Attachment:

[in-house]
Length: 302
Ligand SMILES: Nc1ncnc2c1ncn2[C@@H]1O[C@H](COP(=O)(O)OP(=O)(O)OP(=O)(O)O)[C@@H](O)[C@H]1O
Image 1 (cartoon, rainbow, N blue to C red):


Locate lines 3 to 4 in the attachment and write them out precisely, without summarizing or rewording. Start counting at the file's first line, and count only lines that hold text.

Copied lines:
Ligand SMILES: Nc1ncnc2c1ncn2[C@@H]1O[C@H](COP(=O)(O)OP(=O)(O)OP(=O)(O)O)[C@@H](O)[C@H]1O
Image 1 (cartoon, rainbow, N blue to C red):